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Yalda: My New Favorite Holiday

2700 YEARS YOUNG

By Abram Shalom Himelstein, editor-in-chief

After being swept into his new book, The Hubris of an Empty Hand, I got to sit down with Mahyar A. Amouzegar and begin to think about the season of the book’s release. “If we release it in December,” he pointed out, “we will be right next to Yalda.” 

Yalda sounded, to my American ears, like something made up by a Google lab that creates realities by listening in on my fantasies: DURING WINTER SOLSTICE, WE READ POETRY ALL NIGHT TO GET US THROUGH THE LONGEST NIGHT OF THE YEAR. 

I mean—it makes sense that a religion founded two thousand and seven hundred years ago would have had the time to perfect the best holiday. But also, hearing about a two thousand-and-seven-hundred-year-old holiday highlighted my ignorance of the larger world. 

As part of my own creative practice, in my recent writing about the book of Exodus, I have been trying to imagine life before hours and minutes, what time felt like before it was marked by sundials and clocks. So, the idea of sitting up all night on the longest night of the year, getting scared and soothed and sleep-deprived while listening to the elders read poems, sounds like real magic. Add sweets and eating the last of the summer fruits, and you have one of the greatest holidays I had never heard of.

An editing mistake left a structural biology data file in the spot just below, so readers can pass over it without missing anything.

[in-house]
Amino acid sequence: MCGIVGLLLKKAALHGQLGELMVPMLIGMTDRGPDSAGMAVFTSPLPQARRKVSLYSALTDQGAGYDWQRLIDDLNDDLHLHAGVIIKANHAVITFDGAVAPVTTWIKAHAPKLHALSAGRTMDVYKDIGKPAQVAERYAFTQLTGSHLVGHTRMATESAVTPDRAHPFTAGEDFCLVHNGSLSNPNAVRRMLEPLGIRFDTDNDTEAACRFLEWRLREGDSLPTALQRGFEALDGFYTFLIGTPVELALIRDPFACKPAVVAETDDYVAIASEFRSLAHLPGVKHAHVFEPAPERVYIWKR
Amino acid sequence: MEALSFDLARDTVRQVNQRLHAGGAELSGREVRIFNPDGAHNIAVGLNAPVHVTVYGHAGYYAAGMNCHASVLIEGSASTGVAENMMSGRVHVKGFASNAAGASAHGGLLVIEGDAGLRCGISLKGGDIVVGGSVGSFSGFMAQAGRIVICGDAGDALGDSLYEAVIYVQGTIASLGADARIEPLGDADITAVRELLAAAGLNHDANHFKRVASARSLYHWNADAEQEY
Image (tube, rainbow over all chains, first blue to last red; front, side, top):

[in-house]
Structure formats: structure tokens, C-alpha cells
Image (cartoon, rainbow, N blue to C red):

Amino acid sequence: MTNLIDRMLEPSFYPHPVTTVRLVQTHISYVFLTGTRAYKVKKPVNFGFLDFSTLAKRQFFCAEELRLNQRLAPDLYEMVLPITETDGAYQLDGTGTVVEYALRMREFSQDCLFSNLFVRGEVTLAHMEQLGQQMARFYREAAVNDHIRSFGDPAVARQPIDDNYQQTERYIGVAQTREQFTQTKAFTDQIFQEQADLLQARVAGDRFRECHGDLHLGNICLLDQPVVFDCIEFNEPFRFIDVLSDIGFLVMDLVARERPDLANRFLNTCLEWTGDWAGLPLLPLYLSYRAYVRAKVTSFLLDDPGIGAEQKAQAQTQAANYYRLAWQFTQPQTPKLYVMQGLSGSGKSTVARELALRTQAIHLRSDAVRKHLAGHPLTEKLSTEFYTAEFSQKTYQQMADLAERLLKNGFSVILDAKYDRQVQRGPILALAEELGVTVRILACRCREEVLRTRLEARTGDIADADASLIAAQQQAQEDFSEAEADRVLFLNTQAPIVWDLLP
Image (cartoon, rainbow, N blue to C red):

And so, as the reality lined up, as The Hubris of an Empty Hand made its way through the printing process and Octavia Books opened their doors to us after the social winter of the early pandemic, we’ve gotten to be part of Mahyar bringing Yalda to New Orleans. 

Join us this Saturday for a conversation and event like none other: part pre-Yalda celebration, part book release for UNO Press’s latest: the existential poetry of The Hubris of an Empty Hand

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